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How To Teach Letters That Make 2 Sounds (Part 1)

Teaching your little one their letter sounds may seem really easy at first. There are 26 letters in the alphabet, so all they have to do is learn 26 sounds, and they’ll be able to read any word, right?

Of course not. But if you’re reading this right now, you already know that. English can be tricky; there are letters that make more than one sound, sounds that have more than one spelling, and letters that, when paired together, make a completely different sound.  

And if you’re the parent of a little one who is ready to learn their letter sounds, this might make teaching the sounds feel overwhelming. 

And I know, I know: this might seem complicated, but I promise you that teaching letters with more than one sound doesn’t have to be difficult. And I’ll break this down for you in plain language: no fancy words or complicated explanations. Just a simple explanation so you know exactly what to do.

Find the pattern.

When you teach a letter that makes two sounds, the first thing you need to do is figure out what the rules are for when the letter makes each sound. 

Let’s use our earlier example of the letter C. It can make the hard C /k/ sound as in cat or the soft C /s/ sound as in cent. To figure out what the rules are for /k/ vs. /s/, you’ll need to look for a pattern for when it makes each sound.

Can you spot the pattern below?

If you look at enough words, you’ll see that the hard C /k/ sound is usually followed by a u, o, (ex: cap, cot, game). Whereas the soft C /s/ sound is usually followed by e, i,  y (ex: cell, city, cycle).

So, the rule would go something like this: C makes the /k/ sound when followed by a, o, or u and the /s/ sound when followed by e, i, or y. And this rule will always hold true.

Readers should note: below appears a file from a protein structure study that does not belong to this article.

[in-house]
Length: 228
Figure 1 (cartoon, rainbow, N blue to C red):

Now in this case, we gave some word examples for you. But in less than a minute, you can do this same exercise with any other letter you’re thinking of.  

Want to know why G says /g/ but other times says /j/? Make a list and look for patterns. Want to understand when OO says /u/ vs. when it says /oo/? Write it down and spot the pattern.

As an adult, you know how to read all of these words with letters that make multiple sounds: you just probably don’t remember the rules. But using this method, you can figure out what these rules are for yourself and use that knowledge to help teach your little one!

And to make it a little easier on you, I’ve gone ahead and put a few examples into the chart below:

Once you’ve figured out what the rules are for the letter that you’re teaching, you’ll follow 4 simple steps to help your little one master both sounds… but more on that in part 2!

In the meantime, if you’re feeling really overwhelmed at the thought of teaching letter sounds in general (or just want a little extra support,) my Learning Sounds course is going to be a great resource. It includes which sounds to start with, how many sounds to teach at a time, what to do if your little one is struggling with a specific sound, and a lot more. 

And no matter how overwhelming teaching your child to read might seem, remember that YOU have everything you need to help them be successful- and I’ll be here to support you every step of the way. 💪🏽

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